A former Texas nurse serving a 99-year sentence for killing a child and suspected in the poisoning deaths of dozens more has been indicted on a new charge of murdering a toddler 35 years ago.
Genene Jones, 66, was indicted by a grand jury Wednesday in the September 1981 death of 2-year-old Rosemary Vega, according to the Bexar County Prosecutor’s Office. The indictment comes a month after Jones was indicted in the December 1981 killing of 11-month-old Joshua Sawyer, who was injected with a toxic dose of the anti-seizure drug Dilantin.
Law enforcers are focusing fresh attention on the killer nurse because a 1970s state law aimed at easing prison overcrowding mandates that she be freed on parole in March 2018. Murder has no statute of limitations, so authorities formed a task force to reinvestigate killings that weren’t pursued decades ago.
“She is pure evil and justice warrants that she be held accountable for the crimes she committed,” District Attorney Nico LaHood said in May. “Our Office will attempt to account for every child whose life was stolen by the actions of Jones. Our only focus is justice.”
The grand jury on Wednesday recommended Jones’ bond be set at $1 million to ensure she will remain behind bars pending trial on the new charges.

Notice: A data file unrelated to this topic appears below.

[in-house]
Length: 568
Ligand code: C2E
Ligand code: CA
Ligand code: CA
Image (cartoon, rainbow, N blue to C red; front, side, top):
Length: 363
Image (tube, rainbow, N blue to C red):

“Prior to her mandatory release, she will be extradited back to Bexar County where she will await trial for the new charges,” LaHood said Wednesday.
Jones “is suspected of killing up to 60” children while working as a licensed vocational nurse at pediatric clinics during the 1970s and early ’80s, LaHood said in March.
In 1984, Jones was convicted of the 1982 murder of 15-month-old Chelsea McClellan, and the attempted murder of 18-month Rolando Jones. Both children, authorities said, had been injected with potent drugs.
Prosecutors presented evidence at trial showing six children in Jones’ care were beset with unexplained seizures, according to the Dallas Morning News. Investigators theorized she intended the children to suffer distress so that she could resuscitate them and look like a hero.
Jones, who denied any wrongdoing, was sentenced to 99 years behind bars.
Investigators said there were marked increases in child deaths at facilities where Jones worked. Nevertheless, authorities at the time did not pursue additional charges against her. In many of the cases, medical records are no longer available.
The district attorney, citing ” continuing investigations,” declined to share additional details.
Jones was rumored to be the inspiration behind horror writer Stephen King’s bestselling novel Misery.
In 1991, Jones’ nephew was caught breaking into King’s home in Maine in a failed effort to persuade the writer to help with a sequel to Misery. The nephew was sentenced to two years’ probation.
Jones, serving time at the Murray Unit in Gatesville, did not respond to a message sent to her prison email Wednesday.